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Classification: Murderer
Characteristics: Parricide
Number of victims: 1
Date of murder: February 26, 1883
Date of arrest: Next day
Date of birth: ????
Victim profile: Phoebe Veitch, 4 (her daughter)
Method of murder: Drowning
Location: Wanganui River, North Island, New Zealand
Status: Sentenced to death. Commuted to life imprisonment on May 25, 1883. She died in Wellington's Terrace Gaol on September 2, 1891

Phoebe Veitch (died 1891) was a convicted New Zealand murderer. She drowned her daughter Phoebe in the Wanganui River in 1883 and was tried and subsequently convicted of murder. While she was sentenced to death, her sentence was commuted to life imprisonment. She died in Wellington's Terrace Gaol on 2 September 1891.

Drowning of Daughter (February 1883)

On Monday 26 February 1883, Veitch drowned her four year-old daughter (also named Phoebe Veitch) in the Wanganui River. According to a contemporary newspaper account, the body of the younger Phoebe Veitch was found on the Wanganui River beach on the morning of 27 February by Arthur Fitchett, a telegraph linesperson. Giving medical testimony, Dr Earle noted that the drowned child was the product of a cross-cultural relationship between persons of Chinese and European descent.

According to Mrs Eliza Blight, a second witness, Mrs Phoebe Veitch had two children- Albert and "Flossie" (Phoebe). Mrs Blight noted that Mrs Veitch was having difficulty bringing up both of her children and had intended to send her daughter to Fielding, a northern settlement in the Manawatu district in the North Island of New Zealand. Mrs Blight noted that Mrs Veitch had tried to make her friend believe that the daughter was in danger from her aunt and might drown her, she stated in court.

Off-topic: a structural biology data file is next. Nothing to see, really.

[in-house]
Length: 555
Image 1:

Wanganui Police Inspector James was the next witness. After then went to the prisoner's house. At first, Mrs Veitch did not know where her daughter was, but under further investigation from the inspector and two police officers, she then contended that her daughter had fallen accidentally from the Wanganui River wharf and drowned.

Subsequently, after being taken to witness her child's body, Mrs Veitch changed her story once more and then stated that it was the child's putative father, for which she provided the name "Sam Timaru" and gave contradictory descriptions of his ethnicity as either from India or Scotland. Further evidence disclosed that Mrs Veitch was a lone parent and had been abandoned by her children's father to bring them up alone. Her partner did not appear during the trial to substantiate these claims.

The jury retired and found Phoebe Veitch guilty of murder but with a recommendation of mercy. Given that Mrs Veitch was pregnant with another child at the time, the Chief Justice of the Supreme Court then sentenced her to death, although it remained to be disclosed whether the pregnancy could be substantiated by local midwives.

Reprieve (1883) and Death (1891)

On 25 May it was reported that Ministers of the Crown had intervened in the case and commuted Mrs Veitch's sentence to life imprisonment. She was imprisoned in Wellington at the Terrace Gaol and died on 2 September 1891.

Comparing the Veitch case with those of Caroline Whitting, Sarah-Jane and Anna Flannagan and Minnie Dean, Bronwyn Dalley has suggested that the courts were willing to recognise that arduous social and family circumstances could lead to maternal 'madness' and may have prompted commuted sentences, while Dean's death sentence was related to an element of deliberation absent in the Veitch, Whitting and other cases of parental child murder.



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